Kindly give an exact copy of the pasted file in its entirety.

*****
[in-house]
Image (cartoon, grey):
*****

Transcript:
[in-house]
Image (cartoon, grey):